It's going to be a tight couple of years - Mr Brown may well live to regret not being bolder.

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Turning to the wider markets

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A good start on Wall Street plus strength in the mining sector helped the FTSE 100 up to a close of 6,595, a 47-point gain. Higher metals prices helped the likes of Kazakhmys, Rio Tinto and BHP Billiton top the FTSE leaderboard. For a full market report, see: London market close

Elsewhere in Europe, the Paris CAC- 40 was up 38 points, at 5,843. And the German DAX-30 was 57 points firmer, at 8,002.

Across the Atlantic, in-line jobs growth for September plus unexpected upward revisions for previous months saw stocks end the week in the blue. The S&P 500 hit an all-time high of 1,561 in intra-day trade, and ended the day with an overall gain of 14 points at 1,557. The Dow Jones was up 91 points, at 14,066. And the tech-rich Nasdaq added 46 points to close at 2,780, with strong gains for Yahoo.

In Asia, Hong Kong stocks tracked Wall Street higher earlier in the session before falling back on profit-taking. The Hang Seng was down 61 points, at 27,770 at the time of writing.

Crude oil was down to $80.79 this morning and Brent spot was at $78.91 in London.

Spot gold had edged down to $739.60 this morning and silver was at $13.34.

Turning to the forex markets, the pound was at 2.0375 against the dollar and 1.4447 against the euro. And the dollar was at 0.7088 against the euro and 117.29 against the Japanese yen.

And in London this morning, luxury home prices in London rose at their slowest pace since August 2006 last month, according to a survey by Knight Frank. Prices were up 1.2% on August 2007, and up 37% year-on-year. Weakness amongst riverside apartments on the south bank of the Thames offset stronger appreciation in neighbourhoods such as Chelsea and Belgravia.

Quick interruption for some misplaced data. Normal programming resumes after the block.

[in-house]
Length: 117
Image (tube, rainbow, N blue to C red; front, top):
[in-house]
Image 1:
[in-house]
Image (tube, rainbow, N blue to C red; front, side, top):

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- Mervyn King has admitted that the Bank of England doesn't really understand the markets any more. And recent events have shown existing risk models to be wholly inadequate. For more from Niels Jensen on why shocks are becoming more common - and whether there's any way to predict them - read: Why extreme risk is becoming more common

John Stepek

John is the executive editor of MoneyWeek and writes our daily investment email, Money Morning. John graduated from Strathclyde University with a degree in psychology in 1996 and has always been fascinated by the gap between the way the market works in theory and the way it works in practice, and by how our deep-rooted instincts work against our best interests as investors.

He started out in journalism by writing articles about the specific business challenges facing family firms. In 2003, he took a job on the finance desk of Teletext, where he spent two years covering the markets and breaking financial news. John joined MoneyWeek in 2005.

His work has been published in Families in Business, Shares magazine, Spear's Magazine, The Sunday Times, and The Spectator among others. He has also appeared as an expert commentator on BBC Radio 4's Today programme, BBC Radio Scotland, Newsnight, Daily Politics and Bloomberg. His first book, on contrarian investing, The Sceptical Investor, was released in March 2019. You can follow John on Twitter at @john_stepek.